Cambodia – When to go
One of the things that tourists ask themselves about any destination is, “When to go?” This is particularly relevant for destinations that have wide fluctuations in temperature or have a defined hurricane, typhoon or monsoon season. When it comes to Cambodia, with its monsoon season and an extremely hot period, this creates a very skewed pattern of tourists arrival.
Most guide books, such as Lonely Planet, devote one or two small paragraphs to the question, “When to go:”
The ideal months to be in Cambodia are December and January, when humidity is bearable, temperatures are cooler and it’s unlikely to rain. From early February temperatures start to rise until the killer month, April, when temperatures often exceed 40°C (104°F). Come May and June, the southwestern monsoon brings rain and high humidity, cooking up a sweat for all but the hardiest of visitors.
The wet season (May-Oct), though very soggy, can be a good time to visit Angkor, as the moats will be full and the foliage lush – but steer clear of the northeast regions during those months, as the going gets pretty tough when the tracks are waterlogged.
For visitors to the Angkor Wat temples in particular
this leads to huge crowds in that window of time when it is dry and the temperatures are bearable. Those who go then will find themselves jostling and even competing for position at the most popular sunrise and sunset temples. You will forever be sharing your photographic memories with the heads and bodies of unknown fellow travelers who will be filling your viewfinder.
From an entertaining travelogue, appropriately entitled ‘When it rains, you score’ from the Washington Post, the author put it this way:
…Angkor is a madhouse during the November-to-April high season. Buses cram the parking lots, spitting out diesel fumes and tour groups. Thousands of people clamber over the temples, turning them into human anthills, and at the peak viewing times, gridlock sets in; so many people are trying to climb the hilltop temple of Phnom Bakheng, famous for its view of the sunset over Angkor Wat, that officials are even thinking of installing an escalator. Forget trying to contemplate the timeless mystery of the place. The only mystery is how to avoid being trampled.
I made my first trip to Angkor Wat last year in October which according to climate statistics is the country’s wettest month. I must have really lucked out since it actually rained very little in the week that I was there. Although it was often overcast which dulled some of the photographic opportunites, there was only one day when we got an extended tropical downpour during the day.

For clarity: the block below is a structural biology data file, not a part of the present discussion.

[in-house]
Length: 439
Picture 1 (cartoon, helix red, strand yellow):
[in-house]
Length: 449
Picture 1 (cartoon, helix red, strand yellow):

The great advantage of course was that there were many moments when I had a bit of even some of the most popular temples to myself or almost to myself. This afforded a fantastic opportunity to experience the mystery and near other-worldly feeling of the temples. My experience was often the same as the author of the quoted article, but he says it a lot better:
It was eerily quiet — the loudest sound was the cry of birds in the jungle — and the huge temple spread out below us, infinitely ancient, evocative and remote. We sat in silence, letting the sweep of the centuries roll over us.
Although he was talking about Angkor Wat itself, I had that kind of moment at another one of the most popular temples – Ta Prohm – famous for its overgrown trees and of course for having been a film location for Angeline Jolie’s Tomb Raider film.
This year I will be going in mid September so we’ll see what that’s like. You may want to read the entire article, ‘When it rains, you score.’ It’s quite entertaining and it will likely make you think twice about the timing of your visit.
(If you are planning a trip to Angkor Wat please check out Savuth’s tuk tuk transportation services at Angkortuktuk.org)